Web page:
Why NZ should not legalise cannabis: An evidence-based perspective
In the last year there has been ongoing advocacy for the legalisation of cannabis in New Zealand, with a recent survey suggesting nearly two thirds of respondents think cannabis use should be legalised. These claims have been reinforced by petitions to permit the use of medicinal cannabis.
An unfortunate feature of this debate is that few contributors have discussed the harms of cannabis or the risks of legalisation.
Many contributions to this debate imply that cannabis is a relatively harmless drug and that legalisation has beneficial consequences. Both assumptions are incorrect.
New Zealand has some of the richest data on the adverse consequences of cannabis use coming from two major studies: the Christchurch Health and Development Study (CHDS) and the Dunedin Multidisciplinary Health and Development Study (DMHDS).
The CHDS is a study of a cohort of 1265 children born in 1977 who have been studied to the age of 35. The study has now published 30 scientific papers on the issue of cannabis. This research shows that:
* Cannabis use by cohort members was common, with over 75 per cent reporting use, and in the region of 15 per cent developing a pattern of heavy use and dependence at some point.
* The use of cannabis was associated with increased risks of a number of adverse outcomes including: educational delay; welfare dependence; increased risks of psychotic symptoms; major depression; increased risks of motor vehicle accidents; increased risks of tobacco use; increased risks of other illicit drug use; and respiratory impairment. These effects were most evident for young (under 18-year-old) users and could not be explained by social demographic and contextual factors associated with cannabis use.
Recent findings from the US
There has been a widespread assumption that the legalisation of cannabis will be beneficial by:
* Removing the adverse effects of prohibition.
* Increasing taxation to assist with health issues.
Supporters of these views have often referred to the experiences of US states in legalising cannabis, and it has widely been assumed that legalisation does not have harmful effects. This assumption has recently been challenged by two reports of the adverse consequences of medical marijuana and the legalisation of cannabis in the US.
In the first report, investigators found the legalisation of cannabis in Colorado was associated with multiple adverse consequences including: increased use of cannabis; increased risks of cannabis-related driver mortality and accidents; increased use by teenagers; and increases in hospital attendance for cannabis related outcomes.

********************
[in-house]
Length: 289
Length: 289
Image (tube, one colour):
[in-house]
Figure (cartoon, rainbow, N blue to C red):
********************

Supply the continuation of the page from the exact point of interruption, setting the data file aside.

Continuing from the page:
A more recent study in JAMA Psychiatry looking at the impact of medical marihuana concluded:
"Medical marijuana laws appear to have contributed to an increased prevalence of illicit cannabis use and cannabis use disorders. State specific policy changes have also played a role. While medical marijuana may help some, cannabis-related health consequences associated with changes in state marijuana laws should receive consideration by healthcare professionals and the public."
We need a cautious approach to both the legalisation of cannabis and the introduction of medical marijuana.
What needs to be done
This recent evidence suggests that both the provision of medical marijuana and legalisation of cannabis may have adverse effects by increasing the use and harms of cannabis. At the same time it is clear the current prohibition in New Zealand has had the adverse effects of criminalising otherwise law-abiding citizens, and targeting individuals coming to official attention for other reasons, resulting in men and Maori being at increased risks of arrest and conviction for the possession of cannabis.
What is required are revisions to the current laws on cannabis which achieve the following objectives:
* Depenalisation of simple possession for individuals aged 18+.
* Increased protection of young people under 18 against the adverse effects of early cannabis use.
* Changes to the law regarding medical marijuana to permit medical practitioners to prescribe cannabis-related treatments.
* Maintenance of current laws about the supply and sale of cannabis.
* Thorough evaluation of the consequences of policy change through regular data collection on the use of cannabis and rates of cannabis-related harm.
These suggestions are intended to steer a middle course between the legalisation of cannabis and its attendant risks while at the same time avoiding the adverse consequence of prohibition.
Emeritus Professor David Fergusson is the founder of the Christchurch Health and Development Study
Disclaimer: The views stated in this commentary are my personal views on the issue of cannabis legalisation in New Zealand. They do not represent the views of the Christchurch Health and Development Study or the University of Otago.
- Stuff Nation